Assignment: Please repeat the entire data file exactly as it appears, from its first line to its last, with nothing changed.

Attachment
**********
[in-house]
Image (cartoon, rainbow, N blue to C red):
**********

[in-house]
Image (cartoon, rainbow, N blue to C red):